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  1. #41
    donkee's Avatar
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    Quote Originally Posted by RattyMouse View Post
    Jeez.....so much hate towards Kodak. Sorry I posted that link guys. I won't do so again.
    For me it isn't hate. They just don't offer anything I want anymore so there is nothing for me to buy.

    Fuji and Ilford have what I want. Looks like Agfa transparency film is going to be an option for me too.
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  2. #42
    StoneNYC's Avatar
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    Quote Originally Posted by Michael R 1974 View Post
    Stone, I hope the "real hipsters" you know were of age in the 1950s. If not, there is little distinction to be made between contemporary "real" and "fake" hipsters. They are all fake. It's just another retro fad, whether you shoot lomo or iPhone.
    Haha those evolved into hippy's who evolved into corporate moguls lol!

    But truly I know what you mean, it's a new generation of NYC hipsters, I think they are similar enough though.
    ~Stone | "...of course, that's just my opinion. I could be wrong." ~Dennis Miller

  3. #43

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    You don't have to be any kind of hipster to appreciate Lomos and I-phones. You just have to enjoy skeet shooting. It's always nice to have
    something different to toss into the air beside thousands of computer discs.

  4. #44

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    Quote Originally Posted by donkee View Post
    Fuji and Ilford have what I want. Looks like Agfa transparency film is going to be an option for me too.
    Great, then talk *positively* about those products, moving film use into a positive light, not a negative one. Kodak is not bringing back E6, Plus-X or Techpan, period. So why keep asking for it, that sounds negative. I have been trying for *years* to tell people how bad this looks but you just don't get it!

    For example, about three months ago while out shooting with my Blads, I ran into a couple of photo-keen 20-somethings who were really intrigued by my cameras. We got to talking about a lot of things, including Kodak films. At the end of it all I recommended this site as a resource. About a week ago I ran into one of them in town. We got to talking about film, Kodak again and this guy mentioned that while he found a lot of good resources in terms of developing, printing, etc on this site, he was somewhat put off by people always talking about what they don't have and not being positive about what we do have.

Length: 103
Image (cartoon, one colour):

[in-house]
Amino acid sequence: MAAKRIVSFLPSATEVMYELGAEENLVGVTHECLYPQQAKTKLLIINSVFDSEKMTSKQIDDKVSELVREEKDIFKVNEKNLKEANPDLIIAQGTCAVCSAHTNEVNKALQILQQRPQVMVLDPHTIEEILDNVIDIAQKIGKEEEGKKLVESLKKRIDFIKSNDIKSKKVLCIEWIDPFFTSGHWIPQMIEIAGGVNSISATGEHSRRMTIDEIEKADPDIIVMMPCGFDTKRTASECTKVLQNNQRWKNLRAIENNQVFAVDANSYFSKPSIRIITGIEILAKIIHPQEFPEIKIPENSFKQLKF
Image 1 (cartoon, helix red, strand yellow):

We all need film to stay in a positive light, this constant asking for what we don't have and never will again is a sickness and it is a sad one at that...you are totally missing the point if you continue to do this folks, really.....so stop it for once!

  5. #45
    Ken Nadvornick's Avatar
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    Quote Originally Posted by PKM-25 View Post
    We all need film to stay in a positive light, this constant asking for what we don't have and never will again is a sickness and it is a sad one at that...you are totally missing the point if you continue to do this folks, really.....so stop it for once!
    An alternate interpretation is that it's just the market making it's wishes known. In a pre-Internet era companies used to spend fairly large sums of money to hire and fund market research efforts to figure out what their customers—and potential customers—wanted. Now that information can be had directly by simply reading online, where the whole damn world is more than happy to tell you what it wants. For free. Until your eyes bleed.